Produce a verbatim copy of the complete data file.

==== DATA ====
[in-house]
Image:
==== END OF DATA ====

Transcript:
[in-house]
Image: